11 May 2022

This Will Not End Well

With millions of people immiserated by our economy, or the pandemic, or the opioid crisis, or the general abandonment of the most basic ideas of community, people are sad.  They are very sad.

So, what do sad people do, at least in the United States, they get therapy, and frequently psychoactive drugs as well.

So demand for psychological services in America is rising, so private equity looters want to do to the counseling industry what they did to ER services, which is to say that they want to burn it all down for the insurance money.

There there is nothing that exists where adding Wall Street finance to the mix will not make it worse:

Psychiatrists and psychologists once ran their own practices. Now the local therapist office could be controlled by a buyout king.

Venture capitalists and private-equity firms are pouring billions of dollars into mental-health businesses, including psychology offices, psychiatric facilities, telehealth platforms for online therapy, new drugs, meditation apps and other digital tools. Nine mental-health startups have reached private valuations exceeding $1 billion last year, including Cerebral Inc. and BetterUp Inc.

Demand for these services is rising as more people deal with grief, anxiety and loneliness amid lockdowns and the rising death toll of the Covid-19 pandemic, making the sector ripe for investment, according to bankers, consultants and investors. They say the sector has become more attractive because health plans and insurers are paying higher rates than in the past for mental-health care, and virtual platforms have made it easier for clinicians to provide remote care.


The number of behavioral-health acquisitions jumped more than 35% to 153 in 2021 versus the previous year, and of those, 123 involved private-equity firms, according to Mertz Taggart. In the first quarter of this year, there were 41 acquisitions, of which 30 involved PE firms.

The push into mental health carries risks. A rush of private-equity firms could send prices for practices higher, reducing potential profits. A risk for patients and clinicians is that new owners could focus on profits rather than outcomes, perhaps by pressuring clinicians to see more patients than they can handle. If care becomes less personal and private, patient care might also suffer.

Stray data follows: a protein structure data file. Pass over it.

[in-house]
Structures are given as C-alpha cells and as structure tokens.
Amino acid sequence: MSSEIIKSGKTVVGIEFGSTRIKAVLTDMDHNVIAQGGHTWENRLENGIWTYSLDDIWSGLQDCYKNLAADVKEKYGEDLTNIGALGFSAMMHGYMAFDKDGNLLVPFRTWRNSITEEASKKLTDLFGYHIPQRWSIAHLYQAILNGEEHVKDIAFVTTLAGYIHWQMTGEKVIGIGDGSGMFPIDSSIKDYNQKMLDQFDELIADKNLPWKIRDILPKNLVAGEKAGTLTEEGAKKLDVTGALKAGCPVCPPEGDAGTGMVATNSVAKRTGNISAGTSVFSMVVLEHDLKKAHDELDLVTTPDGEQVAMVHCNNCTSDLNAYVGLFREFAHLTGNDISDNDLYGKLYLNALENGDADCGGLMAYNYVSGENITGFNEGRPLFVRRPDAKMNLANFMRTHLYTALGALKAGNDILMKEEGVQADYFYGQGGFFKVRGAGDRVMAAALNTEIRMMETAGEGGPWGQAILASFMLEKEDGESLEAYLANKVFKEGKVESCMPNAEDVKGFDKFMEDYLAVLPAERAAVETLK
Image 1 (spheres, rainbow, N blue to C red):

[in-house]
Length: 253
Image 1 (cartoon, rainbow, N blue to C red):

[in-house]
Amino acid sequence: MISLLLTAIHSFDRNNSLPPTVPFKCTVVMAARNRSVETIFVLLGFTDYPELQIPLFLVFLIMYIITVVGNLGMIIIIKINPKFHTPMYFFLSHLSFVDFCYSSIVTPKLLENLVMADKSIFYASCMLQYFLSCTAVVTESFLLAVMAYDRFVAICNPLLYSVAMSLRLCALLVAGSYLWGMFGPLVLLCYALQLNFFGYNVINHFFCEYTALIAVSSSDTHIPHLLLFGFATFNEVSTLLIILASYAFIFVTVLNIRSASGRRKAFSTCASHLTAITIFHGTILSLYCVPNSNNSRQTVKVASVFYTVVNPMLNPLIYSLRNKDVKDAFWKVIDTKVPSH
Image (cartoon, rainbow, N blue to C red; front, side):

Might?  When you look at what they did to emergency room and air ambulance operations, it's clear that overcharging and worse health outcomes are the goal, not an unintended side effect of PE takeovers in healthcare.

Online mental-health company Cerebral and other telehealth startups have begun to face scrutiny over their prescribing practices. The Wall Street Journal has reported that some of Cerebral’s nurse practitioners said they felt pressure to prescribe stimulants. This past week, Cerebral said it would pause prescribing controlled substances such as Adderall to treat ADHD in new patients. Last year, Cerebral logged a $4.8 billion valuation.

As an aside, it should be noted that Cerebral is backed by SoftBank, which funded WeWork, Uber, etc. so it's kind of a self licking ice cream cone:  They search out companies whose business model is based on making their employees' lives awful, and now they are going to make money from these folks needing counseling for their miserable lives. 

This, buy the way, is why I do not support single payer healthcare.  I support a national health service, where the medical facilities are government owned.

Single payer will end up a lot like the defense industry, a criminogenic monopsony that will continue to ill serve both the public health and the public purse.


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